Mike Benetello, partner at Bowmans, says some may argue that R1 million is really not enough. “At least there has been some concession. Perhaps, once we get settled into the change, there may room for an increase in the R1 million threshold.”

Engel believes that the small business relief should have been more closely linked to the small business company regime. In terms of the regime, small businesses with an annual turnover of up to R20 million may qualify to pay income tax at a reduced tax rate.

Global tax reforms

Tax avoidance and tax evasion have for years occupied the minds of legislators and the Organisation for Economic Cooperation and Development (OECD) has been at the forefront of global tax reforms.

Ernest Mazansky, head of tax at Werksmans, writes in a recent article it is relatively easy to locate one’s business in a low-tax jurisdiction and provide services and products to customers located in high-tax jurisdictions without having any discernible presence in the latter, and therefore not paying tax in them.

Some of the reforms orchestrated by the OECD will see the introduction of a corporate tax of at least 15%. “This will clearly not go down well with a number of offshore jurisdictions where the tax rate is zero, including jurisdictions such as in the Channel Islands, Isle of Man, Liechtenstein, Cayman Islands, Seychelles, and many others,” he noted.

High rate

South Africa is clearly far from a 15% corporate tax rate.

Charles de Wet, executive consultant at ENSafrica, says at 28% and even 27% our corporate tax rate is competitively high in global terms. A reduction in the rate will have a positive impact on foreign investments.

“However, it is unlikely that we will see the kind of drop that will bring us on par with our biggest trading partners.”

On average global tax rates vary between 20% and 27.5%. “If we compare ourselves with Africa, a tax rate of 27% is more or less in line with other countries on the continent,” says Benetello.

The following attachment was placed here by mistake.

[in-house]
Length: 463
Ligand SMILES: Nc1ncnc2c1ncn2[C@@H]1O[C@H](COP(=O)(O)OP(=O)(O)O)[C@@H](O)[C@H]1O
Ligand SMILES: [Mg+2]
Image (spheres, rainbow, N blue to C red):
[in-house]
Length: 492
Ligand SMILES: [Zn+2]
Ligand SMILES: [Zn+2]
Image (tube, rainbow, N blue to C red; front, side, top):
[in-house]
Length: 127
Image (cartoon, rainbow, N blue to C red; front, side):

However, when we compare it to European countries – our biggest trading partners – the average rate is around 20%. In Asia the corporate tax rate is on average 22%.

Corporate tax rates are important when considering investment destinations. SA is not comparing favourably on tax rates, but it is also getting more expensive to do business here.



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We could learn from the US when it comes to assessed losses. Losses acquired when buying another company (US files consolidated tax returns) are only utilisable at a prescribed rate about the Fed rate. So the nonsense of buying companies for their “tax asset” gets stopped. Eg if bought company with a $100m assessed loss, the group gets to use that at about 2% a year. That wipes out the Present Value of assessed losses M&A nonsense.

Here, there are going to be unintended consequences. Eg we get a 100% tax deduction on solar. For many companies that will create a tax loss since solar is big capex. Now next year you don’t get to use that tax loss…

End of comments.